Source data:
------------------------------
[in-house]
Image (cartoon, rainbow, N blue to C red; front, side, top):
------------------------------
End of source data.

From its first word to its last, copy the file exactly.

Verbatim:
[in-house]
Image (cartoon, rainbow, N blue to C red; front, side, top):